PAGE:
|Publication number||US6912081 B2|
|Application number||US 10/095,820|
|Publication date||Jun 28, 2005|
|Filing date||Mar 12, 2002|
|Priority date||Mar 12, 2002|
|Also published as||US20030174383|
|Publication number||095820, 10095820, US 6912081 B2, US 6912081B2, US-B2-6912081, US6912081 B2, US6912081B2|
|Inventors||Cristian A Bolle, Mark Anthony Paczkowski|
|Original Assignee||Lucent Technologies Inc.|
|Export Citation||BiBTeX, EndNote, RefMan|
|Patent Citations (11), Non-Patent Citations (1), Referenced by (8), Classifications (10), Legal Events (6)|
|External Links: USPTO, USPTO Assignment, Espacenet|
This invention relates to the art of micro-electromechanical systems (MEMS) devices and methods of their making, and more particularly, to arrays of tiltable micro mirrors, e.g., small mirrors, which can reflect light.
One solution for all-optical switching employs two MEMS devices each containing an array of tiltable micro mirrors, e.g., small mirrors, which can reflect light, which herein refers to any radiation in the wavelength of interest, whether or not in the visible spectrum. An optical path is established for light supplied from an input source, e.g., an optical fiber, to an output, e.g., an output fiber, by steering the light using a first micro mirror on the first optical MEMS device, the first micro mirror being associated with the input fiber, onto a second micro mirror on the second optical MEMS device which is associated with the output fiber. The second micro mirror then steers the light into the output fiber. Each fiber connected to the system is considered a port of the system, the input fibers being the input ports and the output fibers being the output ports.
There are various prior art methods of making such an array of tiltable micro mirrors. Typically the array is made in two parts. The first part includes the electrodes which control the tilt of the micro mirrors and some type of spacer which holds the second part offset from the electrodes. The second part includes the micro mirrors and their springs and any other supporting structure.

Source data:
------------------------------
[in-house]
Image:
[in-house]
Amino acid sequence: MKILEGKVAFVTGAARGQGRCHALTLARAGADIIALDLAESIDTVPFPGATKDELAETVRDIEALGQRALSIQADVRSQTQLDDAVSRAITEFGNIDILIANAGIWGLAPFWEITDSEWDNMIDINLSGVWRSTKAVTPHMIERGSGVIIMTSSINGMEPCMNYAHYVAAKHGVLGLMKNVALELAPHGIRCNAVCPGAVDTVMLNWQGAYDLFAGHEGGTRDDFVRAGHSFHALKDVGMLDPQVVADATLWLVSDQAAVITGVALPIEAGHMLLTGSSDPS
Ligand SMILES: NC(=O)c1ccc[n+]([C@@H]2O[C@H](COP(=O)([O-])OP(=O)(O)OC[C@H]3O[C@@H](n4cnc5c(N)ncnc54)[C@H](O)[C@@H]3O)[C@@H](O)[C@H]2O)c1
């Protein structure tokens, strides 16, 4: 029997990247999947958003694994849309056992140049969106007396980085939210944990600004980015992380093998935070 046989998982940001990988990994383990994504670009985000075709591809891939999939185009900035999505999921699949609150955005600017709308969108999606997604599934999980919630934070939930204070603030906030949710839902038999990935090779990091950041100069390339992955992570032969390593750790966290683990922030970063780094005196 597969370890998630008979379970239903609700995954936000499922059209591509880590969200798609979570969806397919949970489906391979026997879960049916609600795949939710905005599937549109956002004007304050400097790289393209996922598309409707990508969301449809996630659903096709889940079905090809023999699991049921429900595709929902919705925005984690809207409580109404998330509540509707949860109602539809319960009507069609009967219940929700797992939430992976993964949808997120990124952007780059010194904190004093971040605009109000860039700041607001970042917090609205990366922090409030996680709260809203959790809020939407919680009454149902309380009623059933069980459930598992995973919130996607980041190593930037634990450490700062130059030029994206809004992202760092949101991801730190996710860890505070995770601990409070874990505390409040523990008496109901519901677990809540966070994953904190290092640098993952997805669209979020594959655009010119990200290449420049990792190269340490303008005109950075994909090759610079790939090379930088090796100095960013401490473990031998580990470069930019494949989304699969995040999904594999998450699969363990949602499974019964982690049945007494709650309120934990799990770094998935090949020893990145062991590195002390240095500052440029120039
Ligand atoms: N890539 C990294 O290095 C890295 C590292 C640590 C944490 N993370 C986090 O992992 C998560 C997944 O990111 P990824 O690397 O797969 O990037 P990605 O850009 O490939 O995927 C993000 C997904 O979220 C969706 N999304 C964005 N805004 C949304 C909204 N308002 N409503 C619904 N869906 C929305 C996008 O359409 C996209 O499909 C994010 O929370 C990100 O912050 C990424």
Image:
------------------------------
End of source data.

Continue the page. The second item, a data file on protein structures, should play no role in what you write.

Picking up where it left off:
The spacers of one prior art mirror array are made from polyimide, which is photo-patternable type of plastic that is deposited on the substrate. Disadvantageously, such spacers are a) not flat at the top, b) are relatively soft, e.g., compared to silicon, c) must be hard baked at high temperatures, and d) the height of the resulting spacers is not uniform from device to device even when the same processing is employed.
In another prior art arrangement, the micro mirrors are manufactured from a silicon on insulator (SOI) wafer and then portions of the back of the wafer are etched to allow the mirror to move freely. The unetched portions serve as the spacers and keep the micro mirrors elevated with respect to the electrodes which are on a second wafer. See for example U.S. Pat. No. 6,201,631, which is incorporated by reference as if fully set forth herein. However, such micro mirrors are relatively fragile, and the height of the spacers is dictated by the thickness of the wafer on which the micro mirrors were formed, which is typically greater than 200 μm.
Yet another prior art method creates micro mirrors as suspended structures by depositing a thick sacrificial layer on a substrate, with appropriate patterning to make holes therethrough via etching. Then, a material to form the micro mirrors is conformally deposited on top of the sacrificial layer. The layer for the micro mirrors is patterned, and the micro mirrors are formed. A portion of the conformally deposited mirror material is then etched away to allow access to the sacrificial layer. Finally, the sacrificial layer is removed via etching. This process suffers from the fact that it takes a long time to grow the thick sacrificial layer, and the height of the suspended micro mirrors is typically limited by thickness of the sacrificial layer, so the height is often limited to no more than 5 μm.